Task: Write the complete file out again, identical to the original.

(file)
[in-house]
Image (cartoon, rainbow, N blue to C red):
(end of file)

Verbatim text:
[in-house]
Image (cartoon, rainbow, N blue to C red):